FOX Sports' Ken Rosenthal has reported that the Philadelphia Phillies have agreed to extend Cole Hamels to a six-year extension in excess of $137.5 million. However, the deal and the amount of money involved have not yet been confirmed. If and when the extension is announced and/or the contract details are finalized, we'll update this post.

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Agreed to a six-year extension worth more than $137.5 million with LHP Cole Hamels. [7/25]

When Cole Hamels and the Phillies avoided arbitration with a one-year, $15 million agreement in January, the lefty’s agent, John Boggs, told ESPN, “At the appropriate time, I’m sure we’ll have dialogue with the Phillies and continue talking about a multi-year deal.” Months passed before significant progress was made in those negotiations, but with only a week to go before the team’s last chance to trade Hamels, the sides have reportedly come to terms on a six-year extension worth more than $137.5 million.

While Roy Halladay and Cliff Lee have spent time on the disabled list and failed to live up to their lofty standards this season, Hamels has ascended to the top of the team’s rotation, logging a 3.23 ERA and 3.60 FIP. He has thrived at one of the league’s most hitter-friendly parks, and—despite battling injuries during his minor-league career—has proven to be one of the league’s more durable starting pitchers, making at least 31 starts in each of the past four seasons.

Thus, general manager Ruben Amaro deemed Hamels worthy of the second-largest contract ever awarded to a starting pitcher, behind only the seven-year, $161 million deal CC Sabathia signed with the Yankees in December 2008. It exceeds by $10 million the six-year hitch Matt Cain signed to stay with the Giants this past offseason, and combined, those two extensions have thinned what previously promised to be one of the deepest classes of free-agent starting pitchers ever.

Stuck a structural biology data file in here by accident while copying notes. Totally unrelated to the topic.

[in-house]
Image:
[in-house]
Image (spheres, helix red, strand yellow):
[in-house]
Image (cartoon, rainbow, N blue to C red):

The Phillies now join the Giants as the two teams with two $100-million men in their rotations, with Lee in the second year of a five-year, $132.5 million deal signed in December 2010. Halladay is also signed for $20 million in 2013, so the Phillies will pay their big three roughly $65-70 million next season.

That’s a steep price to pay for 12 percent of a 25-man roster, but with Chase Utley and Ryan Howard on the downslopes of their careers, keeping Hamels in Philadelphia could help keep the team’s window of competition from closing completely. With a lucrative television deal likely on the horizon for Philly, Amaro probably won’t be sapped of payroll flexibility anytime soon. —Daniel Rathman

The new Collective Bargaining Agreement tied the Phillies’ hands behind their back. Because of the draft-pick compensation changes, the Phillies had to perform scenario analysis. If they were to trade Hamels, then doing so in the 2011-2012 offseason—when the other team could later net a draft pick—made the most sense and maximized the return. Otherwise, keeping Hamels meant at least one of three things: gaining a draft pick, making another postseason appearance, or hammering out an extension. Ruben Amaro, Jr. chose to keep Hamels and go for the gusto—and who can blame him for that? The result, as it turns out, is agreeing to an extension that will keep Hamels in Philadelphia for the near future.